Japan's troubled plutonium program
Japan's beleaguered 'pluthernal' program, MOX (mixed plutonium-uranium oxide) fuel use in commercial power plants, got off to a troubled start at Kyushu Electric's Genkai Unit 3 Nuclear Power Plant Unit 3 in Saga Prefecture on November 5, with the use of 16 MOX fuel assemblies. Full-time operation of the reactor is scheduled to begin December 2.
A round-the-clock sit-in began on the same day in front of Kyushu Electric headquarters in Fukuoka City and messages of support are pouring in from around the country. In less than two days 673 NGO groups signed on to protest and petition METI, Kyushu Electric, and Saga Prefecture demanding that use of MOX fuel at Genkai not go forward. The number of sign-on groups continue to grow.
Over 460,000 citizens are demanding that use of MOX fuel at Genkai be suspended. This and Kyu-shu Electricâ's rush to start use of MOX fuel caused an unprecedented move by the Saga prefectural legislature last month to demand that the utility rescind its original 2 October start-up date, which it did.
On 28 October Japan's nuclear regulator NISA (Nuclear Industrial Safety Agency) admitted that there are no legal grounds for the government's criteria for imported fuel assembly inspection of MOX fuel. This admission was made to an Upper House Diet office. Citizens, and national and Saga prefectural legislators demanded that NISA come to Saga to explain. NISA is yet to do so.
The 'pluthermal' program is one part of Japan's troubled plutonium program. The other two parts which are in deep trouble are the fast breeder program and reprocessing of spent nuclear fuel. Commercialization of the fast breeder reactor program has been delayed 8 times and is nearly 80 years behind original schedule (set for early 1970s, now set for 'by 2050'.) Commercial operation of the Rokkasho reprocessing plant has been delayed 17 times. Completion of active tests is now set for October 2010. However, with a dysfunctional high-level waste vitrification facility, the future of Rokkasho is murky.
On 7 October, NISA stated that it couldn't deny the possibility that the same quality fuel Kansai Electric rejected in August is in Genkai's MOX fuel. (Kansai Electric rejected one-quarter of the fuel that had been manufactured for use in its Takahama Unit 3 and 4 reactors.) Both utilities -- MOX fuel was fabricated at Areva -- MELOX plant in Marcoule, France.
Subsequently, Kyushu Electric refused to disclose pertinent information concerning its self-inspection criteria, stating that Mitsubishi Heavy Industries, their principle contractor for MOX fuel fabrication would not allow the disclosure. (The same kind of information has been released by Kansai Electric and their principle contractor Nuclear Fuel Industries, Ltd.) Kyushu Electric stated that MELOX as-sured them that Kyushu's MOX fuel had no problems like the one found in Kansai Electric MOX fuel, but the utility admitted they were not shown data to confirm this was correct. The concentration of plutonium in Genkai's MOX fuel is unprecedented and exceeds even that used in France.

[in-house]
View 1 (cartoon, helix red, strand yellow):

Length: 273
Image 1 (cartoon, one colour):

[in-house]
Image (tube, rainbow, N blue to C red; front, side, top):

German nuclear authorities (BMU) initiated an investigatation after Kansai Electric's rejection of Areva MOX fuel. BMU is reported to take the issue seriously. The status of the investigation is unknown.
'The Japanese government spends 64% of its R&D for energy on nuclear. This program to utilize plutonium is the biggest stumbling block to development of renewable energy and energy efficiency in Japan. Prime Minister Hatoyama is woefully ignorant about this reality. The new government must become aware that this detrimental program is merely a lobbyist and bureaucratic haven. It should shut down the program immediately,' stated Aileen Mioko Smith, executive director of Green Action, a Japanese citizens organization campaigning to stop Japan's plutonium program.
The shipment of MOX fuel for use at Genkai and two other plants which took place this spring did not meet MLIT (Ministry of Land, Transport and Infrastructure) requirements. On 26 February, twenty Diet members signed on to an open letter addressing this concern. One of them includes the current MLIT minister Seiji Maehara, and, two other ministers in the Hatoyama government. Future shipments can-not meet this requirement (MOX fuel cask drop test) at this point.
In April a report commissioned by 70 nuclear free local authorities in the UK found that the British-flagged vessels which transport the MOX fuel from Europe to Japan have serious design flaws. Japan's program is dependent on these shipments since there is no commercial MOX fuel plant in Japan to supply electric utilities. Japanese nuclear transports are protested by dozens of en route countries.
Japan's pluthermal program start-up is a decade behind schedule due to a quality control data falsification scandal of Kansai Electric MOX fuel in 1999, citizen protest, nuclear inspection data falsification by Tokyo Electric in 2002, etc. In June electric utilities announced a multi-year delay in the deadline to use MOX fuel in 16-18 reactors, originally scheduled for 2010.
Source: Green Action (Kyoto, Japan) news release, 5 November 2009
Contact: Aileen Mioko Smith at Green Action, Suite 103, 22-75, Tanaka Sekiden-cho, Sakyo-ku Kyoto 606-8203 Japan. Tel: +81-90-3620-9251, E-mail: firstname.lastname@example.org, Web: www.greenaction-japan.org